A very important conceptual change in the approach of the international community vis-à-vis the process for resolving Kosovo’s status has to a certain extent remained unnoticed and consequently bypassed by the Kosovar factor. This is about the shift, definitively a silent one, from the concept “conditional independence” for Kosovo as a solution for Kosovo’s status to that of “limited sovereignty.”
The differences between these two concepts are huge.
“Conditional independence” launched in 2000 by the Goldstone Commission and presented again by the Amato Commission in 2005, despite many sustainable details, created a huge complication for the process of recognising the state of Kosovo. Certainly, as far as the time aspect was concerned Goldstone’s proposal was logical, because it called for the international presence in Kosovo, which was established by UNSC Resolution 1244, to be used for transforming Kosovo into a state. Vice versa, the offer of the Balkans Commission last year was late and insufficient for all stakeholders in the process of resolving the status of Kosovo.
The model “conditional independence” suffered the fatal blow in January and February this year, while Martti Ahtisaari’s Mission had started to take on its shape. Ahtisaari himself said he was against this model in the first talks when possible options for Kosovo’s status were being analysed. And it was Ambassador Frank Wisner, the US Envoy for Kosovo’s status, that announced “the death” of this solution, during his first visit to Pristina and Belgrade in early February immediately after the meeting of the Contact Group in London on 31st January. Wisner said openly, even before the Serbian media in Belgrade, that a country either is or is not a state and that there could not be something called “conditional independence”.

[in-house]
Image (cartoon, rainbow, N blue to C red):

“Limited sovereignty” is the concept that has won the large support of capitals of Western countries of the Contact Group, because it merges the will of the people of Kosovo for independence with the will of the international community to play a new role in transforming Kosovo into a stable and functioning state that contributes to regional stability.
In fact Kosovars with an absolute percentage view the independence of Kosovo as a joint mission or project of Kosovo, the US, the EU and NATO; therefore, there is an authentic mood in Pristina to assume the responsibilities and limitations that derive from this instalment in this phase, the process of Kosovo’s inclusion in Euro-Atlantic integrations. Such limitations are not specific only for Kosovo, but for all other countries that are part of NATO and the European Union. Kosovo’s specifics are related to the role that NATO, the US and major European countries have had in the liberation of Kosovo, in its reconstruction after 1999, and with the role they are expected to have from now on. Certainly it remains to be seen in the talks that are expected to be held from now on between Kosovo’s negotiating authorities, UNOSEK, the US and the EU on how to organise the international civil and military presence in Kosovo. But there is no doubt that Kosovars are fully supportive in continuing and intensifying the partnership with the US, EU and NATO in the building of the state of Kosovo.